The original edition of 247 lithographs, published by F.G. Moon between 1842 and 1849, was produced in two versions - the Royal Subscription ("RSE") Edition, which was hand colored at the time of issue, and the Standard ("SE") Edition, which was not originally hand colored. Both were produced from the same lithographic stones, but on different types of paper.

The RSE's were printed on a thin "India" paper, and were then hand colored under the supervision of the publisher and Louis Haghe, the lithographer. This was typically performed by several hired colorists working on a production line basis, with each person painting a particular color or colors. The RSE prints were then trimmed to the image and glued along their edges onto a card. These images were issued to the original subscribers who had advanced money to cover the initial costs of publication.

The SE edition was intended to be somewhat more affordable. It was printed on heavier matte paper and was not originally hand colored. It was not trimmed to the image or laid on a card. Instead, the SE prints have a margin all around, with a publisher's mark and a block letter title below each image.

Because both editions were printed using the same multiple lithographic stones and inks, both the RSE and SE prints as originally issued display multiple ink tinting. The intensity and complexity of this printed lithographic coloring varied from print to print, but changed over the seven year period of production (1842-49). The Holy Land series was produced first, and generally displays more subtle printed coloring, usually only cream or fawn tints. The later Egypt and Nubia series has more, and more intense, printed colors including blues, oranges and even purples. (For example, see the SE version of St. Catherine's Principal Court at right, published in 1845, as contrasted with the SE Approach of the Simoon, below right, from the Egypt & Nubia Series, published in 1849. Neither have hand coloring added, but the printed colors on the later Approach of the Simoon, Desert of Gizeh are much more vivid and varied.)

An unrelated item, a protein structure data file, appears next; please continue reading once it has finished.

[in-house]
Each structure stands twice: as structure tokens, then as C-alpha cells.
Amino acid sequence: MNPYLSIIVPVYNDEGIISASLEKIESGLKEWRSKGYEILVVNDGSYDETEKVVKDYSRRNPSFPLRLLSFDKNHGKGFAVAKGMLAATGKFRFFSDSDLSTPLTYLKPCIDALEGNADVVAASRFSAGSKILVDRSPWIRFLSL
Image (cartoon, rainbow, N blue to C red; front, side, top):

Over the years collectors and dealers have arranged to have their SE prints hand colored to match the original RSE coloring scheme. Thus RSE's are described as having "original color", while painted SE's are described as having "modern" or "later" hand coloring. This hand coloring may have been done anytime from a few years after publication to a few days ago. To some who collect first edition prints, the thought of adding modern hand coloring to a lithograph may seem to border on sacrilege. The situation with respect to Roberts prints is unique, however.


Convent of St. Catherine [Principal Court], RSE with original hand color
Convent of St. Catherine's [Principal Court], SE without added hand color
Approach of the Simoon, Desert of Gizeh, SE without added hand color